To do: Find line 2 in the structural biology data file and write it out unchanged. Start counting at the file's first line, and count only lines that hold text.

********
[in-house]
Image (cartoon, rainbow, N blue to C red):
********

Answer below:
Image (cartoon, rainbow, N blue to C red):